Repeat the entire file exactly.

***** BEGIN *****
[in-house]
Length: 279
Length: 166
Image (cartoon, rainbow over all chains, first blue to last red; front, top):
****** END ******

[in-house]
Length: 279
Length: 166
Image (cartoon, rainbow over all chains, first blue to last red; front, top):